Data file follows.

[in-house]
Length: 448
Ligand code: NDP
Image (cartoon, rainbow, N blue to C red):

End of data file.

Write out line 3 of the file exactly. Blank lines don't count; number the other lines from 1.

Ligand code: NDP